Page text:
The African Commission on Human and Peoples’ Rights (the Commission) agreed to hear a case brought by two Zimbabwean farmers, Luke Tembani and Ben Freeth, who allege that an August 2012 decision by the Southern African Development Community (SADC) Summit of Heads of State or Government (SADC Summit) to dissolve the SADC Tribunal (Tribunal) violates the African Charter on Human and Peoples’ Rights (African Charter). The Commission’s opinion will determine whether, under the African Charter and international norms, any of the fifteen heads of state within the SADC Summit, each named as a respondent in the complaint, violated their obligations in their roles creating policy direction for the SADC. Thus before the case is even heard, it sets a new precedent for individuals to name multiple heads of state as respondents before an international body.

After Zimbabwe refused to comply with a decision in Mike Campbell Ltd. and Others v. Zimbabwe, in which the Tribunal found in favor of farmers’ land rights, the SADC Summit suspended the Tribunal in 2010 to review its role. Although the SADC’s Committee of Ministers of Justice recommended reappointing and replacing the Tribunal judges, the SADC Summit decided in May 2011 to continue the suspension and, later in 2012, to permanently dissolve the current Tribunal. The SADC Summit has asked the Ministers of Justice to write a new mandate for a SADC Tribunal that would only hear cases between States regarding the interpretation of the SADC Treaty and SADC protocols. The previous Tribunal jurisdiction also encompassed the ability to hear cases brought by individuals concerning violations of human rights. Freeth’s father and Tembani filed the complaint in Mike Campbell under the old mandate but have yet to receive compensation owed from the ruling because the Tribunal’s suspension also affected enforcement of previous decisions.

Concurrently, other interested parties in the region are also seeking to challenge the dissolution of the Tribunal. Two nongovernmental organizations, the Southern African Litigation Centre (SALC) and the Pan African Lawyers Union (PALU), submitted a request, under Article 4 of the Protocol to the African Charter on the Establishment of an African Court on Human and Peoples’ Rights (the Protocol) to the African Court on Human and Peoples’ Rights (the Court) for an advisory opinion regarding the legitimacy of the dissolution process. The NGOs make their claim under the African Charter, the SADC Tribunal Protocol, the SADC Treaty, the UN Principles on the Independence of the Judiciary, and the UN Basic Principles and Guidelines on the Right to a Remedy and Reparation for Victims of Gross Violations of International Human Rights Law and Serious Violations of International Humanitarian Law. With these documents, the Court would decide if the actions taken by the SADC Summit violated the rights to justice, to effective remedies, and to an independent judiciary. Although an advisory opinion is not binding, the organizations hope that the SADC institutions will take into account an advisory opinion issued by the Court since the SADC, as a subregional economic community (SEC), should make an effort to coordinate policies with the African Union (AU), a stated goal of the AU in Article 3 of its Constitutive Act. As stated in the SADC Treaty, the SADC means to take into account the AU Constitutive Act including the goals listed therein. However, the Court would likely delay stepping into the issue because under Article 4 of the Protocol, the Court is barred from issuing an advisory opinion if there is a case pending before the Commission regarding the same matter, such as the case brought by Tembani and Freeth.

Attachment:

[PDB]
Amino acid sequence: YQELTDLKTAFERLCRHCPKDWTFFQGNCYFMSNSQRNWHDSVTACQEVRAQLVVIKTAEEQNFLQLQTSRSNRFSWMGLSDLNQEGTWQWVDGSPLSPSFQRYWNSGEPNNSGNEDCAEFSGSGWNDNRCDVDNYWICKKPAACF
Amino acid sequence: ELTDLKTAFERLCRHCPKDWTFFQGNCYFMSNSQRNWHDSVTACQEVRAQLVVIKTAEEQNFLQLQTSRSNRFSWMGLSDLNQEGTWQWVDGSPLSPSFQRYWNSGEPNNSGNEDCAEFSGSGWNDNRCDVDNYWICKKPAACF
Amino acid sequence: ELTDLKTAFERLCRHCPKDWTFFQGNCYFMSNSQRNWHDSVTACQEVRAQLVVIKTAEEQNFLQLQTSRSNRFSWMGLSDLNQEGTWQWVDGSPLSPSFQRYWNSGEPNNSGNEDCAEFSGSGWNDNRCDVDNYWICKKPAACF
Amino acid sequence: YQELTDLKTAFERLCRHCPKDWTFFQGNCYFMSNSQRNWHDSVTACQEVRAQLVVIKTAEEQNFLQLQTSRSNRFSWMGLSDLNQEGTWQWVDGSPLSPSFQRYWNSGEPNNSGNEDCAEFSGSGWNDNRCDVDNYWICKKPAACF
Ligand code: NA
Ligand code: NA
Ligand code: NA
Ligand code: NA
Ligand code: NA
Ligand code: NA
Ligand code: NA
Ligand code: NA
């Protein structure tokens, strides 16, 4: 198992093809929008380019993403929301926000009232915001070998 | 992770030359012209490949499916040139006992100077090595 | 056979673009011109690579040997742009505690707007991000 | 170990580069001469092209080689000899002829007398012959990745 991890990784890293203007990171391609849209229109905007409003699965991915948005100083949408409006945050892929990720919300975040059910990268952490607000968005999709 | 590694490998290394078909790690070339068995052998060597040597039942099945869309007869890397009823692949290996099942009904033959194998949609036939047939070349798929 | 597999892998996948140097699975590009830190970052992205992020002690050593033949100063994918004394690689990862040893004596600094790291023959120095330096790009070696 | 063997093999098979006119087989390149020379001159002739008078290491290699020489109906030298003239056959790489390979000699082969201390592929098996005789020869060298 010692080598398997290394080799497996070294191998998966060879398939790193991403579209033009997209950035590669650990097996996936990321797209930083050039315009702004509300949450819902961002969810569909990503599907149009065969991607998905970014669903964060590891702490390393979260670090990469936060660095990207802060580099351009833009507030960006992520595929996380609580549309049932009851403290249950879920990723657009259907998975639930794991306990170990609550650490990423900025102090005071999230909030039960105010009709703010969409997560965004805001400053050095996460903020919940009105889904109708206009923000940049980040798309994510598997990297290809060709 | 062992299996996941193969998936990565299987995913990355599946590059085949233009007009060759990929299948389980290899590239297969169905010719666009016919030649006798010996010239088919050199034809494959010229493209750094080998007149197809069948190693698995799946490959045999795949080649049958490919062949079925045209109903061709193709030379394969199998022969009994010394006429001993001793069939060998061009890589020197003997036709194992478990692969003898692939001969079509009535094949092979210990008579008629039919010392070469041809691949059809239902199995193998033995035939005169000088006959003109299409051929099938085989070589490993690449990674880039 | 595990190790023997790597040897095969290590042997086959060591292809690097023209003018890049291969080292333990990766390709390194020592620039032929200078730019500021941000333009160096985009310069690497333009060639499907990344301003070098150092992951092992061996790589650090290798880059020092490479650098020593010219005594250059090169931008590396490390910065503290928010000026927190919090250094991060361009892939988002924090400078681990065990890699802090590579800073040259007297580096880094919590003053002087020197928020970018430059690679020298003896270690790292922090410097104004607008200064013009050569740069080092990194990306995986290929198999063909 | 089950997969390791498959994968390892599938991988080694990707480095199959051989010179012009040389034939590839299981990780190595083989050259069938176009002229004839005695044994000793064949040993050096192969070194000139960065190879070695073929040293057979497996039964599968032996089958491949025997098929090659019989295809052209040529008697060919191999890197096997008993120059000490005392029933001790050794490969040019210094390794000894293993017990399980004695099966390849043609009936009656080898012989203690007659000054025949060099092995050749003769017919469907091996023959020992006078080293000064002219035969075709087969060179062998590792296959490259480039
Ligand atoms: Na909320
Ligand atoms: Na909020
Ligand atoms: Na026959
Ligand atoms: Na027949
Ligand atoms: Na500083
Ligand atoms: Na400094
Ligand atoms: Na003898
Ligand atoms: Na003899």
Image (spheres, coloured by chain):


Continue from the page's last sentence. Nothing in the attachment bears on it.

If the petitioners are successful in either the case pending before the Commission or the request before the Court, the resulting opinion could potentially affect both the southern African region’s rule of law system as well as the strength of SECs’ adjudicatory mechanisms across the African continent. In dissolving the Tribunal and denying any subsequent adjudicatory body a human rights mandate, the SADC Summit undermined the progress the fifteen Member States of SADC have made in developing an effective rule-of-law system and providing redress for individuals who otherwise depend on inadequate domestic courts. Supporting the SADC Tribunal would also help the Commission or the Court to show support for the other similarly organized SEC tribunals in Africa, such as the Economic Community of West African States (ECOWAS) Community Court of Justice, thereby strengthening the rule of law in the region.